Cyber report

Editorial Board
Sunday, May 29, 2022

The helpline set up by the Digital Rights Foundation, a non-government organization aimed at monitoring and advising on the use of digital space in the country, has issued a detailed report on its findings over the past five years. Harassment figured prominently in the calls on the helpline, 68 per cent of the calls coming from women. Most of these calls involved allegations of harassment or blackmail over social media with WhatsApp, Facebook and other popular social forums reported as the main conduit for these. There were also multiple complaints of non-consensual use of photographs. In total, the organization received 11,681 cases in the last five years, with an average of 370 cases per month.

It is obvious that cyber harassment is becoming a growing problem notably for women in the country. New policies and regulations need to be put in place to protect women and girls, and also make them more aware of safe use of cyberspace. There should also be a regular review of complaints coming in so that these can be addressed as soon as possible. The necessary laws should be analyzed and amendments made where necessary, considering flaws which allow perpetrators of cybercrimes to escape penalty. That however does not mean that laws like Peca should be encouraged, with all the flaws in them. Today's mediated, interconnected world has made cyberspace an increasingly important part of life. It is therefore essential that they be governed with the sensitivity required – importantly, in conjunction with independent groups, especially those fighting for digital rights.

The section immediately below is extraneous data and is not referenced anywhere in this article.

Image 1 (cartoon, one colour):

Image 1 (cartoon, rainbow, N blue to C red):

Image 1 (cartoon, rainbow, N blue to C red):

Draconian punishments suggested for those who harass women will serve only a very limited purpose. The FIA’s cybercrime wing, which has done some useful work, also needs to be strengthened both with an increase in personnel and technical knowhow. For children, parents must be made aware of how to ensure safety, with multiple reports of harassment of teenagers and young adults at colleges and other places of learning. This is not an issue that can be ignored. The DRF report gives us some insight into the kind of problems that exist. Public campaigns need to be run advising persons using the internet on how to act to protect themselves and to avoid sharing images over any site given the possibility of misuse and distribution to other net users. The report is an important one, and the matter of cyberspace and its impact on society should not be taken lightly in this age where more and more people own smartphones and use them for both good and damaging practices.